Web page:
Announcing FusionAuth 1.21

The FusionAuth 1.21 Release offers SAML improvements and PKCE support for OIDC


Published: November 10, 2020

We’re excited to announce the release of version 1.21. The 1.21 release shipped on Nov 10, 2020. This version delivers new features as well as resolving issues for users on version 1.20 and older.


In addition to bug fixes and user interface improvements, there are a couple of new features and improvements I wanted to call out.

SAML improvements

SAML is a workhorse identity provider technology, dating back to 2005. There are many different applications which use SAML for identity and single sign on purposes, including Google and Zendesk.

With this release, FusionAuth added flexibility around the SAML functionality. In particular, location of the XML signature is more flexible now. Both the Assertion and Response elements can be the signature parent.

Consents deserve data too

Many different objects in FusionAuth can have arbitrary key value data associated with them: registrations, users, applications and tenants, among others.

Now consents can too. Consents are a data structure in FusionAuth which is used to record what your users have, well, consented to. You can create as many of these as you want and they are available to your applications via the Consents API.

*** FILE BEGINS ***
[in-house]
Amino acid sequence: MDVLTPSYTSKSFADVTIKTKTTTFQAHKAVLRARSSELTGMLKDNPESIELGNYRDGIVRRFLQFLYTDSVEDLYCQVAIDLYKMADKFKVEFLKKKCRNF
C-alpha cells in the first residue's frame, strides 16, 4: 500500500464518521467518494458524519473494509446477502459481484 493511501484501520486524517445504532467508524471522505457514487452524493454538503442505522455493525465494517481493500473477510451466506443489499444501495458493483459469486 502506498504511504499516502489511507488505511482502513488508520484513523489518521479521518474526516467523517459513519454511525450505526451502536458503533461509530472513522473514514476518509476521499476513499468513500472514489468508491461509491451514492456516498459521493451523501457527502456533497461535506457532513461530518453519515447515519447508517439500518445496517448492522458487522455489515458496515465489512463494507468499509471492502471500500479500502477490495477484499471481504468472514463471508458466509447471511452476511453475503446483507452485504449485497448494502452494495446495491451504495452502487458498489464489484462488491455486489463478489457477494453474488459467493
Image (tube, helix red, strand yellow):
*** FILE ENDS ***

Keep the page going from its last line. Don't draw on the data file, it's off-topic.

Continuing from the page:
With this release, you can associate extra data with your consents to meet the needs of your business logic.


PKCE is what is currently recommended by the OAuth Security Best Current Practices for any interaction with the Authorization Code Grant.

While FusionAuth has supported PKCE for over a year, this release lets you use PKCE with OIDC. This means that FusionAuth is compatible with identity providers that may require PKCE. Please consult your OIDC provider’s documentation to determine if this is the case.

Bugs squashed

In addition to these features, there were other bugs squashed and GitHub issues resolved as well. These included allowing email templates to have access to the application object for easier email customization and a few other bug fixes. Please see the release notes for the full breakdown of the changes between 1.20 and 1.21.

If you’d like to upgrade your self-hosted FusionAuth instance, see our upgrade guide. If you have a FusionAuth Cloud deployment, open a support request from your account dashboard and we’ll get your servers upgraded! Or, if you’d like to download and use FusionAuth, check out your options.

More on release notes

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